We have recently seen the initiatives taken by Botswana (and Namibia) with regards to the diamonds sector, and we need to ensure that this becomes indeed an African initiative and a new global hub for the diamond trade, since Africa accounts for over halve of the global share of diamond production.

African countries must also look at other minerals that account for over 25 percent of global production such as cobalt, the platinum group of metals, manganese and phosphate or where it can build regional value chains around particular minerals, such as the Eastern Congo, north-eastern Angola and Zambia’s copper belt or with minerals such as bauxite. Africa is also a large producer of the mineral Columbite-tantalite (or coltan, the colloquial African term) and as the second fastest growing cell phone market in the world, also needs to look at this sector, as a producer rather than as consumer only.

We often talk about African growth being driven by demand for its commodities in Asia and other parts of the world, but as our economies reach the critical tipping point of sustained 7 percent and above growth, with greater diversification and industrialisation, and with our population set to reach two billion by 2050, we must also pay attention to stimulating and meeting domestic African demand.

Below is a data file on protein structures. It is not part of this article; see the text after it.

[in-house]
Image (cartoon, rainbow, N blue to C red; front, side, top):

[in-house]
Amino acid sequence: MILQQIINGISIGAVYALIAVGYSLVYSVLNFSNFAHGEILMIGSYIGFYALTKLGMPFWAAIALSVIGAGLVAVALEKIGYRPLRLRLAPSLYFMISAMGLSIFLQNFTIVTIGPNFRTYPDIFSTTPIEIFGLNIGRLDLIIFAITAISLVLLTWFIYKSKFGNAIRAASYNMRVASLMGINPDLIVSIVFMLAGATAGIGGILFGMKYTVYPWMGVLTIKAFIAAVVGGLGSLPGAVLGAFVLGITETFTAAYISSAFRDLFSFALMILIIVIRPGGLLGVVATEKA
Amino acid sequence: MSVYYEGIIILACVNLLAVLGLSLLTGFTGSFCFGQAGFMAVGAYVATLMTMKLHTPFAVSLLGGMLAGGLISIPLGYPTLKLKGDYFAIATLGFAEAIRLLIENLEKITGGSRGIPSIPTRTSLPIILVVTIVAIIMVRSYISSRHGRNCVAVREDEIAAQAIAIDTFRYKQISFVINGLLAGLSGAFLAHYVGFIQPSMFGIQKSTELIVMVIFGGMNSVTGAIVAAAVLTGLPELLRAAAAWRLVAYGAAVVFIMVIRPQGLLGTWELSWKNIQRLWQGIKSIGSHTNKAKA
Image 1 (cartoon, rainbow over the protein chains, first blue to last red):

A second critical issue raised in the African Mining Vision is the “side-stream linkages into infrastructure (power, logistics and transport; communications, water) and skills, research and technology development.” Mining companies by nature of their business have expertise and capacity in all of these areas. We also know the infrastructure backlogs on the continent, which remain a major challenge to industrialisation and trade among African countries. We have to pool our capabilities, capacities and resources, and have a shared approach towards infrastructure: in planning, in implementation, in funding and in usage.

We should move away from building infrastructure only for one purpose, whether it is power generation and distribution capacity for a mine, whilst the communities and villages surrounding the mine are still in the dark. A good example is the new pipeline that transports gas between Nigeria and Algeria, where there are also plans for a Trans-Saharan highway on the same route. When we also look at the construction of new railways, to transport coal and other minerals to the coast, it must as well provide transport for agricultural goods and passengers. This requires partnerships of mutual respect and working together, between governments and the private sector.